GenServer Capabilities

Slipstream's callbacks are effectively a superset of GenServer, and in fact each module-based Slipstream socket client is a GenServer. The GenServer abstraction provides a simple but powerful interface for message sending and internal state in a system with many actors.


In this tutorial, we'll cover the basics of GenServer operations with Slipstream clients: GenServer.cast/2,, and sending messages via Kernel.send/2.

If you haven't already acquainted yourself with GenServers and how to supervise them, see the official Elixir guides:

Let's begin with a fresh client

defmodule MyApp.GenServerClient do
  use Slipstream

  def start_link(opts) do
    Slipstream.start_link(__MODULE__, opts, name: __MODULE__)

  @impl Slipstream
  def init(opts) do
    {:ok, connect!(opts)}

Already we are taking advantage of Slipstream.start_link/3 (which is roughly the same as GenServer.start_link/3) and Slipstream.init/1 (which is roughly the same as GenServer.init/1 except that you must return a Slipstream.Socket.t/0).

Let's add a clause for handling GenServer.cast/2s (8d5837b)

@impl Slipstream
def handle_cast({:join, topic, params}, socket) do
  {:noreply, join(socket, topic, params)}

This clause will accept casts telling the client to join a topic and perform the join within the client's process. Notice how Slipstream.handle_cast/2 looks exactly the same as GenServer.handle_cast/2. The two are completely compatible and all returns accepted by the GenServer callback are accepted by Slipstream as well.

If one were to ask the client to join a topic, they need only GenServer.cast/2 it

iex> GenServer.cast(MyApp.GenServerClient, {:join, "rooms:lobby", %{}})

Now let's try an implementation to handle requests. Calling is a synchronous action for which the caller will block until a reply is received. This is the only callback in the set of Slipstream callbacks which can produce a reply-tuple ({:reply, reply, socket}). Let's start with something simple like a ping request (fef68cc)

@impl Slipstream
def handle_call(:ping, _from, socket) do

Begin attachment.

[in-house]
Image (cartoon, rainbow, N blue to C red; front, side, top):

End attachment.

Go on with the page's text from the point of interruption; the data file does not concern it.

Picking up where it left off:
{:reply, :pong, socket}

This example doesn't really do very much. If we call our client with a :ping request, we expect a :pong result.

iex>, :ping)

Let's try a more interesting feature: the client replying asynchronously. Surely the caller blocks while calling, but the server which hears the call does not necessarily have to respond in a blocking fashion. With a combination of a noreply tuple ({:noreply, socket}) and GenServer.reply/2, we can provide an API for synchronously requesting a join (d878f90)

@impl Slipstream
def handle_call({:join, topic, params}, from, socket) do
  socket =
    |> assign(:join_request, from)
    |> join(topic, params)

  {:noreply, socket}

@impl Slipstream
def handle_join(_topic, response, socket) do
  GenServer.reply(socket.assigns.join_request, {:ok, response})

  {:ok, socket}

And now we may call from another process

iex>, {:join, "rooms:lobby", %{}})
{:ok, %{}}

And only receive a reply when the topic has been joined.

Finally, the GenServer.handle_info/2 callback provides a catch-all callback for handling any messages sent to the server which are not calls or casts. This callback works asynchronously like GenServer.handle_cast/2, but can be triggered by another process performing a Kernel.send/2 instead of a GenServer.cast/2.

We might write a client which uses :timer.send_interval/2, Process.send_after/4, or just plain Kernel.send/2 to remind itself to do work later, or another process may wish to send the client a message to alter its behavior. We'll take the approach of that last suggestion with this callback implementation for Slipstream.handle_info/2 (63d3759)

@impl Slipstream
def handle_info(:conclude_subscription, socket) do
  {:stop, :normal, disconnect(socket)}

And we'll revisit that use Slipstream invocation to add

use Slipstream, restart: :temporary

This will ensure that when we tell the client to clean up and disconnect from its subscription that it should shutdown and not be restarted.

When the client hears a message :conclude_subscription, it will disconnect gracefully and shut down the GenServer process. We can trigger this with

iex> MyApp.GenServerClient |> Process.whereis() |> send(:conclude_subscription)


As an added bonus, we'll discuss the feature of continues and how to use Slipstream.handle_continue/2 to schedule a block of work to come next.

Since OTP 21, the GenServer.handle_continue/2 callback has provided a way to immediately schedule the next block of work without performing a send(self(), {:next_work, params}) message.

You may wish to make use of this feature by scheduling the connection request to occur after Slipstream.init/1, soas the application supervision tree may start up quickly, in the case where a client would have to do a large amount of work before connecting.

@impl Slipstream
def init(config) do
  socket = new_socket() |> assign(:config, config)
  {:ok, socket, {:continue, :connect}}

@impl Slipstream
def handle_continue(:connect, socket) do
  # do some expensive work...
  {:noreply, connect!(socket, socket.assigns.config)}

This will make the call to Slipstream.connect!/2 occur after the conclusion of the Slipstream.init/1 callback.